As part of London’s largest art festival, the capital’s celebrated architecture will become a vibrantly illuminated canvas.
Commissioned by the Mayor of London himself, the four night Lumiere London festival will use the capital’s most iconic landmarks as the backdrop for artistic exploration from the 18th – 21st of January. Produced by art charity Artichoke – who describe themselves as “the UK’s leading creative producers for art in the public realm” – Lumiere London will transform the city’s uniquely recognisable streets, buildings and public spaces into a large-scale nocturnal art exhibition of light and sound.
Harmonic Portal, Chris Plant
The range of the festival is enormous, with a programme of over fifty extraordinary artworks created by international and UK artists spanning the length of the city. Taking place within a number of well-known locations, visitors can expect to see artworks across London’s West End, Kings Cross, Mayfair, Fitzrovia, Southbank, Waterloo, Westminster and Victoria – the city will truly be transformed into an “open-air gallery without walls”.
Illumaphonium by Michael Davis
With so much to see – including Westminster Abbey in Technicolor or the Northern Lights in Grosvenor Square – it’s hard to know where to start. To help, a programme and festival map is available here, and there are easy walking routes between many of the locations.
DesignCurial have also gathered together 7 must-see installations from around Lumiere London that we think show the range and creativity of the festival – if you don’t see anything else over this vibrantly coloured weekend, be sure to visit these amazing works of art!
Nightlife by the Lantern Company with Jo Pocock, Leicester Square Gardens
Bringing an idyllic wonderland to the city, Leicester Square Gardens will be turned into an expansive, illuminated secret garden. The luminous orchard transforms a usually busy area of the city into a space for quiet and reflection; UK based Lantern Company (with Jo Pocock) hope to play with the relationship between the wilderness and urban city life, inviting visitors to gather in the garden to celebrate the natural world.
Lampounette by TILT at King’s Boulevard
French artistic studio TILT has envisioned a surreal take on the King’s Cross business environment with their installation Lampounette. The piece pays homage to the iconic office desk lap – but makes the everyday object giganitc. TILT also took part in Lumiere London 2016, creating the Leicester Square installation; their projects always focus on the exploration of light, and how the medium interplays with art, architecture and space.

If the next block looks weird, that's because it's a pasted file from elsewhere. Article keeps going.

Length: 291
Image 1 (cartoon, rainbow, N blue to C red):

Entre les Rangs by Rami Bebawi / KANVA at Lewis Cubitt Park
Visitors to this unusual field can expect a truly sensory stroll. Canadian artists Rami Bebawi / KANVA have filled the Lewis Cubitt Park with thousands of illuminated flower-like reflectors, creating a tribute to fields of wheat that shimmer as the wind whips through them.
Waterlicht by Daan Roosegaarde, Granary Square
Inspired by the changing relationship we have to water, and the risk that global warming poses to rising sea levels, Dutch artist and innovator Daan Roosegaarde has transformed Granary Square into a beautiful dream-like landscape. Invoking the power and poetry of water, Waterlicht draws viewers into a virtual flood; the installation also encourages visitors to use their mobiles and headphones to tune into the accompanying soundtrack for a fully immersive experience.
Impulse by Lateral Office & CS Design, South Molton Street
Situated in the heart of Mayfair, Impulse is a field of illuminated, interactive seesaws that invite the public to play in an urban, public space and find their inner child. Co-created by Canadian design practices, Lateral Office and CS Design, the more the seesaws move, the more light and sound is produced – creating a kinetic, dynamic experience that is individual to each user.
CONTROL NO CONTROL by Daniel Iregui, Whitfield Gardens
Canadian / Columbian artist Daniel Iregui has created an interactive LED sculpture in Fitzrovia which uses five different states of sound and visual form; each state individually explores geometry and pattern. Viewers are encourages to use their bodies to manipulate the graphics of the piece, creating a series of shapes.
The Wave by Vertigo, Riverside Walkway
Becoming a beacon of light along South Bank, The Wave by Danish artists Vertigo consists of forty triangular, glowing sound gates – the gates stand at over three metres tall and create a path that is over eighty metres long. Visitors to the installation will co-create the experience with the gates responding to movements both sonically and visually. Those who view the installation more than once will find The Wave ever changing, with the gates creating new responses across the four nights of the festival.
All images courtesy of Artichoke and the artists